Vladimir Putin is reeling from a recent setback in Ukraine, as Russian allies urge for him to scale back controversial military measures.
Pressure is mounting on Russian leader Vladimir Putin after weeks of gruelling military setbacks and internal demands to end mobilisation.
After nine months in Ukraine, defence officials made the “difficult” decision to retreat from Kherson city, the only regional capital Moscow’s forces had taken since February 24.
Oleksiy Arestovich, an adviser to the Ukrainian president’s chief of staff, said there was a very real threat to Putin’s legacy in Russia after being forced on the back foot in an operation many believed would be over in a matter of weeks.
“(Putin) is very afraid because there is no forgiveness in Russia for tsars who lose wars,” Arestovich said via The Times.
“He is fighting for his life now. If he loses the war, at least in the minds of the Russians, it means the end. The end of him as a political figure. And possibly in the physical sense.
“This has forced even people who are very loyal to Putin to doubt that they can win this war.”
Pressure is mounting on Russian leader Vladimir Putin after a month of military setbacks and internal demands to end mobilisation.
After nine months in Ukraine, defence officials made the ‘difficult’ decision to retreat from Kherson city, the only regional capital Moscow’s forces had won since February 24.
Ukraine leader Volodymyr Zelensky also claimed his Russian counterpart is fearing for what might happen to him in the coming years after the invasion, which has claimed tens of thousands of lives on both sides.
“This person has no other fear but the fear for his life,” Zelensky said in August.
“His life depends on whether he is threatened by his population or not. Nothing else is threatening to him.”
Putin is also facing problems from within as Russian officials push for an end to mobilisation within the nation of 145 million. The push for more troops has seen an exodus of young working males to neighbouring countries and is “affecting the psychological state of society”, according to Emilia Salbunova, who is a member of the Karelia Legislative Assembly.
In a letter published to Telegram this week Salbunova and other regional leaders pushed for Putin to reverse the military measures.
“This fact affects the psychological state of society, is a source of anxiety and increased anxiety in Russian families and work collectives, and many people have health problems. Applications must be supported by a decree,” she wrote.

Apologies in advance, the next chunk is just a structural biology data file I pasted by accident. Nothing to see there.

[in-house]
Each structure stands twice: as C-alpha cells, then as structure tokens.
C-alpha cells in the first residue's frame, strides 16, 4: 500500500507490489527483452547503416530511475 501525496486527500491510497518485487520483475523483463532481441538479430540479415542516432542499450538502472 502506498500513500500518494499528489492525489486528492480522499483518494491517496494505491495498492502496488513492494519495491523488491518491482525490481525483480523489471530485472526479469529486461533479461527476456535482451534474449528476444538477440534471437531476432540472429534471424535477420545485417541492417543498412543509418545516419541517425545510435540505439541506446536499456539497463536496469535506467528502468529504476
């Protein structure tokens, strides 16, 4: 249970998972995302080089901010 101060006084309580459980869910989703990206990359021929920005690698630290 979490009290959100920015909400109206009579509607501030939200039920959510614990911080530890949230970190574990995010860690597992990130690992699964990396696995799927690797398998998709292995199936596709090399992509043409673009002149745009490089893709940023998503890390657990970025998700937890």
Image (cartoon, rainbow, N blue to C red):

Analysts, including former US ambassador to Russia Michael McFaul, say Putin’s regime is beginning to crack under the weight of global scrutiny, which has hit Russia’s economy hard amid a mass exodus of Western companies.
A recent segment on a state TV broadcast showed pundits debating over Russia’s dependence on foreign technologies and whether the state should nationalise existing assets from Western companies still operating in the country.
Meanwhile, Ukraine has announced the recapture of almost the entire region of an isolated peninsula off the Black Sea, where fighting continues to rage.
“We are restoring full control over the region. We have three settlements left on the Kinburn Split to officially no longer be a region at war,” said Mykolaiv regional governor Vitaly Kim on social media.
The southern split jutting into the Black Sea is divided in two: in the west, as part of the Mykolaiv region and to the east as part of the Kherson region.
It is cut off from territory controlled by Ukraine’s forces by the Dnipro river, which flows through the Kherson region.
Foreign Minister Dmytro Kuleba told the European Union in an online press conference that its support was crucial, warning against “fatigue” towards the war.
“If we Ukrainians are not tired, the rest of Europe has neither moral nor political right to be tired,” he said.
Ukraine has announced the recapture of almost the entire region of an isolated peninsula off the Black Sea.
Kremlin-installed authorities said the Crimean peninsula was targeted by drone strikes on Wednesday, adding that Moscow’s forces there were “on alert”.
The strike came as Kyiv claimed another territorial victory and just days after Moscow said it was strengthening its position on the Crimean peninsula.
“There is an attack with drones,” the governor of the Sevastopol administrative region in Crimea, Mikhail Razvozhayev, said on Telegram.
“Our air defence forces are working right now.” He said two drones had “already been shot down”.